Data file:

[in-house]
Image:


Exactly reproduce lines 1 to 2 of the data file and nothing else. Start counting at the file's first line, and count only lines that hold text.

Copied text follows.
[in-house]
Image: